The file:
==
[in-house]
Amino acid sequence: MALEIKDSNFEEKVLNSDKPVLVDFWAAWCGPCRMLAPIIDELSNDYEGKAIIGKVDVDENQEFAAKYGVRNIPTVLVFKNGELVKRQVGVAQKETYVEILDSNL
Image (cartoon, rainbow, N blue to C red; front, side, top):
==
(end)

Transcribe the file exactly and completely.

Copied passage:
[in-house]
Amino acid sequence: MALEIKDSNFEEKVLNSDKPVLVDFWAAWCGPCRMLAPIIDELSNDYEGKAIIGKVDVDENQEFAAKYGVRNIPTVLVFKNGELVKRQVGVAQKETYVEILDSNL
Image (cartoon, rainbow, N blue to C red; front, side, top):